Morning Edition on Xtra HD

Weekdays at 9:00am

Every weekday for over three decades, NPR's Morning Edition has taken listeners around the country and the world with two hours of multi-faceted stories and commentaries that inform challenge and occasionally amuse Morning Edition is the most listened-to news radio program in the country.

Genre: 
Composer ID: 
5187f4dce1c809b502d2741c|5187f4c7e1c8a450fdefbbd8

Pages

Business
7:47 am
Thu January 10, 2013

Wanted: Water Slide Tester

Originally published on Thu January 10, 2013 3:04 pm

Transcript

RENEE MONTAGNE, HOST:

Good morning, I'm Renee Montagne. A travel group in Britain is advertising a six-month job with an intriguing set of qualifications: comfortable in swimwear, happy to get wet at work. And this is key: mad about water parks. The job is water slide tester at the company's Splash World Resorts in places like Majorca and Turkey. It pays just okay, but the gig does promise plenty of thrills before the water slide tester retires that swimwear. It's MORNING EDITION. Transcript provided by NPR, Copyright NPR.

Around the Nation
7:43 am
Thu January 10, 2013

Inauguration Package Includes Social Media Butler

Originally published on Thu January 10, 2013 3:04 pm

Transcript

STEVE INSKEEP, HOST:

Good morning. I'm Steve Inskeep, with an offer you probably can refuse. Washington, D.C. hotels offer luxury packages for those attending President Obama's second inauguration. The Madison Hotel offers one for $47,000. It includes four nights at the hotel, a car and driver, a shopping spree, and the services of a social media butler. You, too, could have someone follow you around, take your picture and chronicle your moves on Facebook and Twitter.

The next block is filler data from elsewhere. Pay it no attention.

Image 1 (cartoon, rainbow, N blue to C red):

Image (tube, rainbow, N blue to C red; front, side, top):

It's MORNING EDITION. Transcript provided by NPR, Copyright NPR.

NPR Story
5:39 am
Thu January 10, 2013

Study: Music Affects Driver Safety

Originally published on Thu January 10, 2013 3:04 pm

Transcript

RENEE MONTAGNE, HOST:

And today's last word in business goes out by special request to people listening in their cars. A new study finds that the music you listen to can affect how safely you drive.

STEVE INSKEEP, HOST:

Researchers at London Metropolitan University studied how drivers reacted to different playlists over 500 miles. Some of the safest music, we're told, included tunes by Norah Jones and Elton John. They're soft and slow-paced.

Read more
NPR Story
5:39 am
Thu January 10, 2013

China Investigates Foxconn For Bribery Allegations

Originally published on Thu January 10, 2013 3:04 pm

Transcript

RENEE MONTAGNE, HOST:

And there's more trouble for Foxconn, the electronics giant which makes Apple products in China. The company is acknowledging that Chinese police are looking into allegations that Foxconn employees took bribes from parts suppliers.

NPR's Frank Langfitt reports from Shanghai.

Read more
NPR Story
5:39 am
Thu January 10, 2013

Baseball Writers Vote For No Hall Of Fame Candidates

Originally published on Thu January 10, 2013 3:04 pm

Transcript

STEVE INSKEEP, HOST: